Synthetic biology platforms for natural product biosynthesis and discovery
July 16-20, 2017
Plants are a rich source of unique scaffolds, including 25% of natural-product-derived drugs. However, the discovery, synthesis, and overall material supply chains for sourcing plant natural products and their derivatives remain ad hoc, biased, and tedious. While microbial biosynthesis presents compelling alternatives to traditional approaches based on extraction from natural plant hosts, many challenges exist in the reconstruction of plant specialized metabolic pathways in microbial hosts. My laboratory has developed approaches to address the challenges that arise in the reconstruction of complex biosynthesis schemes, including spatial engineering strategies to direct the activities and specificities of pathway enzymes and recoding strategies to address folding, processing, and stability issues that may arise with the expression of plant enzymes in heterologous microbial hosts. We have utilized these strategies to develop yeast-based production platforms for an important class of plant alkaloids, the benzylisoquinoline alkaloids, including the medicinal opioids. These synthetic biology platforms will lead to transformative advances in natural product discovery, drug development, and production.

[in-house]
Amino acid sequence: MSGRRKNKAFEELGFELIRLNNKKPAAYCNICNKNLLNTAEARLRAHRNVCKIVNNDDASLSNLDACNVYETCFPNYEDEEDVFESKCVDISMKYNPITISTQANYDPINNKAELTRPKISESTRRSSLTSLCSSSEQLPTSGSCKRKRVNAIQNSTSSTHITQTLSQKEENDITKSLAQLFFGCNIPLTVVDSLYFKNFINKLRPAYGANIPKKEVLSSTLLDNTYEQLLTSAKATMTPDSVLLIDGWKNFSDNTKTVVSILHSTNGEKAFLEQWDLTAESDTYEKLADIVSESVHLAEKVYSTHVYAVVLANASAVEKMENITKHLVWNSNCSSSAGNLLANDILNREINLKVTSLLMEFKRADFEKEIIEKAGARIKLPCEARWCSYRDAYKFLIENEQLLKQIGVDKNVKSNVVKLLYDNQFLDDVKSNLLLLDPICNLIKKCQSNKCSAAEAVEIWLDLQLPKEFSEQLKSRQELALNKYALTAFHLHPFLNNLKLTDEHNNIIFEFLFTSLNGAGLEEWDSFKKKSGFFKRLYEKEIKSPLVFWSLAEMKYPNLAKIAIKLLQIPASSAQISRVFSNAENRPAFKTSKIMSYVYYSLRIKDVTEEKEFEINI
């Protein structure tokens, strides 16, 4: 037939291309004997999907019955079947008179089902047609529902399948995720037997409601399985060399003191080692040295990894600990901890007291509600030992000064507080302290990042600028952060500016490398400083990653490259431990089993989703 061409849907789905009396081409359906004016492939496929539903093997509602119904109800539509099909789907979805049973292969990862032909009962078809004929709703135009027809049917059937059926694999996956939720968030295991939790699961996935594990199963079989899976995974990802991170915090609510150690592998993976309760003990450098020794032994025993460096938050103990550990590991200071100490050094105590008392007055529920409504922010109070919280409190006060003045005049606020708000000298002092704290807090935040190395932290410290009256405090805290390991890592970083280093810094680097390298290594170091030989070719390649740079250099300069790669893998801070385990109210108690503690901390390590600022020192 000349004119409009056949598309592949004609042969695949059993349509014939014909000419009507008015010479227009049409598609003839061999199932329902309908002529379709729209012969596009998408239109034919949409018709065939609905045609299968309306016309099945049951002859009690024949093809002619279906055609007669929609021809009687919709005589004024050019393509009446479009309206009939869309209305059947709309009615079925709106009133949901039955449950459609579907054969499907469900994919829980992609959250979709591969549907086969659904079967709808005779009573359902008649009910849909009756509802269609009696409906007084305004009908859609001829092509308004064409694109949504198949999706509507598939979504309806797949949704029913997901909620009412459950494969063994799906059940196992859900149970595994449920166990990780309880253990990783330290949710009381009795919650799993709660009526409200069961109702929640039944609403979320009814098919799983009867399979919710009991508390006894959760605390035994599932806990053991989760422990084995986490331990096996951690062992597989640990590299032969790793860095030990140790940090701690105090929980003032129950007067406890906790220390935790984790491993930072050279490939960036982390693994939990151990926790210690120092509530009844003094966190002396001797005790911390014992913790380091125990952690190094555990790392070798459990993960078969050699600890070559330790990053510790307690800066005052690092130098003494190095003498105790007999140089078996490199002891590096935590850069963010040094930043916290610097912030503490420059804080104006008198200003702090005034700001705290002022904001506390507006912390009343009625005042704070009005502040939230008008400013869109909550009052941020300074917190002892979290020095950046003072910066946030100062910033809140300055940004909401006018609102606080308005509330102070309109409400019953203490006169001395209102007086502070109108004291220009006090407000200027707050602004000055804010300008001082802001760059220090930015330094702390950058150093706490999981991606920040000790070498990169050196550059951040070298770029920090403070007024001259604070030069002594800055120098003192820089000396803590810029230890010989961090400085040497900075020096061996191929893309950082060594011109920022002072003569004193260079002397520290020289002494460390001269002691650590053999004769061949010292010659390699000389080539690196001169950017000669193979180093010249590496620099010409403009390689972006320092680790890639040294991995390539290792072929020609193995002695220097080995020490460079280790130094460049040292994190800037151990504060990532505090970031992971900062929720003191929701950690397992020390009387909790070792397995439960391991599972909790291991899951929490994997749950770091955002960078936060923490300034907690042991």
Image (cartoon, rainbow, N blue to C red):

Christina Smolke, "Synthetic biology platforms for natural product biosynthesis and discovery" in "Biochemical and Molecular Engineering XX", Wilfred Chen, University of Delaware, USA Nicole Borth, Universität für Bodenkultur, Vienna, Austria Stefanos Grammatikos, UCB Pharma, Belgium Eds, ECI Symposium Series, (2017). http://dc.engconfintl.org/biochem_xx/91